Vernal pools are small, isolated wetlands that hold water on a temporary basis, most often during winter and spring. They are very important to the life cycle of many amphibians, since they are too shallow to support fish that would eat the amphibian eggs or larvae. Vernal pools and their adjacent upland habitats encourage biodiversity, by supporting an abundance of plants, invertebrates and vertebrates not found in other areas.
Species that depend on vernal pools for successful breeding include fairy shrimp; the spotted, marbled and Jefferson salamanders; eastern spadefoot toad; and wood frog. A wide variety of other forest animals, including birds, turtles, snakes, and small and large mammals, also use these pools for feeding and resting. In addition, these “sylvan gems” are aesthetically pleasing, with moss-covered logs, delicate hues of greens and browns, and dappled sunlight shining through forest cover.
However, because they are small, hard to identify, and subject to limited regulation, they are often impacted by development. As a result, vernal pools – and the species that depend on them – are rapidly disappearing.
Many vernal pool amphibians go back to breed in the pools where they were born. If the pool is disturbed or destroyed by development, the amphibians show little tendency to relocate. It is also important to remember that they rely on both vernal pools and connecting upland terrestrial habitats for survival, spending about 11 out of 12 months each year in adjacent uplands, forests and wetlands.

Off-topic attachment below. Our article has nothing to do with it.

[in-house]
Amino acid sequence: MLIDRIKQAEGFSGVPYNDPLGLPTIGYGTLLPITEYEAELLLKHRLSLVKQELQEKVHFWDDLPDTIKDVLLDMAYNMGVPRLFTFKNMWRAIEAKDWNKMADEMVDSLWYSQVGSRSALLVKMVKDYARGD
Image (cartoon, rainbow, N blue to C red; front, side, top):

Even a relatively small degree of development (25% of surrounding critical terrestrial habitat) can negatively impact vernal pool wildlife. For example, one study done in Massachusetts found that when 25 acres of upland forest next to a vernal pool was cleared, the pool’s wood frog population became locally extinct, despite a 150 foot wide forested buffer around the pool and a forested wetland corridor adjacent to the pool.
The most valuable vernal pools are ecologically significant due to size and the length of time they hold water, have state-listed or vernal pool species present/breeding, and are surrounded by intact, undeveloped critical terrestrial habitat.
Vernal pools, like Atlantic Cedar Swamps, are critical habitats that we must continue to work together to protect. Mechanisms include acquisition by a conservation organization like a land trust; conservation easements; employment of best management practices to integrate design, engineering and natural resource protection into developments; zoning/ordinances; and last but not least, voluntary stewardship programs by landowners.
Source: Calhoun, A.J.K. and M.W. Klemens, 2002. Best development practices: Conserving pool-breeding amphibians in residential and commercial developments in the northeastern United States. MCA Technical Paper No.5.